The So-Called Isaakaba Boys
Everyone is talking about the so-called “Isaakaba” phenomenon, and although we generally try to keep Liberia looking as rosy as possible here at the Ledger, I can’t help but report on it.
Gangs of unemployed ex-combatant youths have been terrorizing various neighborhoods in Monrovia ever since the war ended, but apparently things are getting worse in recent weeks.
The response has been miserable across the board:
The media have been referring to the perpetrators as if they were some monolithic “notorious gang” instead of a generalized crime wave. One effect has got to be that disaffected ex-combatant youths will be attracted to the idea of being associated with the name, “Issakaba Boys”, and the problem will multiply.
The Justice Ministry has called on citizens to form neighborhood watches and “vigilante groups” (their words). Consequently, there have been at least two spontaneous public stonings for alleged petty crimes in the last few days, and dozens of mob justice episodes. This, at a time when the government and iNGOs had been working to foster respect for rule of law. And what will happen a couple of years from now, when these unaccountable, untrained neighborhood watch groups have morphed into miniature organized crime units themselves? I know it ain’t easy when your police force is unarmed, underpaid, unskilled, and unhappy, AND you’ve got 85% unemployment in your country, but asking the people to take the law into their own hands!?!? Could you think of no other policy options?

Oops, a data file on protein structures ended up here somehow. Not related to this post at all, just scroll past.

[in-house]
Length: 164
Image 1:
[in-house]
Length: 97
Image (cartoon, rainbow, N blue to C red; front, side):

The UN mission is not perceived as doing anything about the crime wave. Ask anyone, and I mean anyone, what they think of UNMIL right now, and they will spit, curse, and flail their arms in disgust, wondering why they don’t send some of their 15,000 peacekeepers out to police the streets. UNMIL’s excuse is that they don’t have an Executive Mandate allowing them to do so. Is the Ellen government asking for one, and does the international community have any interest in that option?